Sydney, Australia, Nov 11 (efe-epa).- Australian police have rescued 46 children and arrested 14 suspects during an investigation into an international child abuse network of an “unprecedented scale.”
The children were aged between 16 months and 15 years, and 16 of them were identified at one child care center, according to a statement by the Australian Federal Police on Wednesday.
Among those arrested is a 27-year-old former child care worker in the state of New South Wales. He faces more than 303 charges and is due in Port Macquarie Court on Jan. 21.
The man is charged with “multiple counts of contact offending, including sexual intercourse with a child under 10 years; indecent assault of a children under 16 years, and intentionally sexually touching a child under 10 years,” the AFP said.
The police allege that the man took advantage of his position in a child care center to gain access to about 30 minors, a situation that his partner, a 22-year-old man, is also alleged to have taken advantage of.
In total, the 14 men arrested face 828 charges of child exploitation, which includes the production and distribution of material of sexual abuse of minors online, as well as bestiality charges related to four animals.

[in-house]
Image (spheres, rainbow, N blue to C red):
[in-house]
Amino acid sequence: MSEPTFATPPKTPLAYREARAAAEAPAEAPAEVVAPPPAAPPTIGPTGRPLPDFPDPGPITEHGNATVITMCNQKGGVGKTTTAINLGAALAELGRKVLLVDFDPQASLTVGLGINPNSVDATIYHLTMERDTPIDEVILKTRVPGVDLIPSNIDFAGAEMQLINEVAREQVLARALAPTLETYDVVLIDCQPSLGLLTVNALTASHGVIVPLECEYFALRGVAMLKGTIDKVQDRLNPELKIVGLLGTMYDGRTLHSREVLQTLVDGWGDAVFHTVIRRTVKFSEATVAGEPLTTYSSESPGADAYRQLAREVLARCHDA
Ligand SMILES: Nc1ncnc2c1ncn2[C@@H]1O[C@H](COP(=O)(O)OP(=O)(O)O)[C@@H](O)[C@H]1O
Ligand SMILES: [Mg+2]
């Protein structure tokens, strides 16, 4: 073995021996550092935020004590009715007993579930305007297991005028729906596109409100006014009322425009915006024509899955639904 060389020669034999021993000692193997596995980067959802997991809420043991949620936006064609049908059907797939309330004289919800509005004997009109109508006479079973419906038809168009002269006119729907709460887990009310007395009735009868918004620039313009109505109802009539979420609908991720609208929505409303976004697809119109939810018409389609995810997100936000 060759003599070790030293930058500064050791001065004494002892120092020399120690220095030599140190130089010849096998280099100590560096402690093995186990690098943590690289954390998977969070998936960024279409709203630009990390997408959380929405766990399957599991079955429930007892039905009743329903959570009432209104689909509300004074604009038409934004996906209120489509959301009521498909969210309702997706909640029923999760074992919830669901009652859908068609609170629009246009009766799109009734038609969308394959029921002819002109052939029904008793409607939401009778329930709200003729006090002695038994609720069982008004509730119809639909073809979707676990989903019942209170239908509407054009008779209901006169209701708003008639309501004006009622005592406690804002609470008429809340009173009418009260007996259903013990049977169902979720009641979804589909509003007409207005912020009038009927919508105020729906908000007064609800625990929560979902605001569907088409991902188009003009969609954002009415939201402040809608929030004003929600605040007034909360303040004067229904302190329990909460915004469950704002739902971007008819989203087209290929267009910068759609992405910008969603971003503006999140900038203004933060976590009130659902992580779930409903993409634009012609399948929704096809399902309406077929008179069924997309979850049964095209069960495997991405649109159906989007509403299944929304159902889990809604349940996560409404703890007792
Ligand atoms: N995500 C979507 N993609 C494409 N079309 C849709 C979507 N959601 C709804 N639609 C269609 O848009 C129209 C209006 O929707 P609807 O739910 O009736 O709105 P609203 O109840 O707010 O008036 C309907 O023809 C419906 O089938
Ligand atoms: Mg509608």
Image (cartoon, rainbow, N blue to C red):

In addition to child care, the detainees, whose ages range from 20 to 48 years, worked in jobs including as a volunteer soccer coach, disability support worker, through to an electrician, supermarket employee and chef.
The operation, dubbed Arkstone, also includes countries outside of Australia.
“Operation Arkstone investigators identified links through the online forums to alleged child sex offenders residing in Europe, Asia, United States and Canada, and New Zealand, with 146 international referrals made as a result of this investigation,” the AFP said, adding that this has resulted in at least three arrests in the US.
AFP Acting Commander Child Protection Operations Christopher Woods said the scale of offending was unprecedented in an AFP-led operation.
“The dedicated investigators and forensic specialists from the AFP, NSW Police and HSI have spent most of 2020 working tirelessly after each arrest to piece together information that identified more victims and the people allegedly abusing and exploiting them,” he said in the statement.
“Victims were often identified through seemingly minor details in photos and videos – analysis that is time-consuming and painstaking, but vital to supporting the rescue of these children and the identification and prosecution of their abusers.”
Investigators continue to examine evidence and have not ruled out further arrests. EFE-EPA